The Climate Investment Funds (CIF) have announced a $1 billion investment to support the global energy transition. The funding will support the development of renewable energy in Indonesia and South Africa.
South Africa is getting a boost in its energy transition. It comes from the Climate Investment Funds (CIF), which are pledging $500 million to support Pretoria in adopting renewable energy. According to the CIF, the funding, which will be provided in the form of concessional and risk capital, will enable the decommissioning of several coal-fired power plants, thereby avoiding the emission of about 71 million tonnes of CO2 into the atmosphere. This is equivalent to taking nearly 14 million petrol cars off the road for a year, according to CIF projections.
For workers and local communities affected by the closure of coal-fired power plants, the CIF promises “resources to access new employment opportunities and influence decision-making”. “A procedurally fair, equitable in sharing risks and opportunities, and restorative energy transition is a climate and development imperative that we can no longer ignore. I welcome the decision of the governing body of the Climate Investment Fund to approve $500 million in concessional resources,” says Barbara Creecy, South Africa’s Minister of Forestry, Fisheries and Environmental Affairs.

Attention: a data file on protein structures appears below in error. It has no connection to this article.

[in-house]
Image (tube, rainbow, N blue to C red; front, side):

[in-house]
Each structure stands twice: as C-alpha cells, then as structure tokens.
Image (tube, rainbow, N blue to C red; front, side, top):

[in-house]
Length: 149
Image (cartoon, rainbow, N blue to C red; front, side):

South Africa needs $60 billion for its energy transition
The CIF is providing $500 million in funding under the Accelerating Coal Transition (ACT) investment programme. This programme is designed to help countries that are heavily dependent on coal make the transition to renewable energy. South Africa is one of the countries most dependent on coal for electricity generation.
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The southern African country has an installed capacity of 58,000 MW, of which more than 48,300 MW is produced by coal-fired power plants. The South African government wants to reduce this heavy dependence by focusing on renewable energy, particularly through the Renewable Energy Independent Power Producer Procurement Programme (REIPPPP), which encourages investment by private companies in the rainbow nation.
According to Minister Barbara Creecy, over the next eight years, South Africa will need $60 billion for its energy transition. On the sidelines of the 26th United Nations Climate Change Conference (COP 26) in Glasgow, Scotland, the United States of America, the European Union (EU), the United Kingdom, France and Germany also pledged an investment of $8.5 billion over the next few years to support South Africa’s energy transition.
Jean Marie Takouleu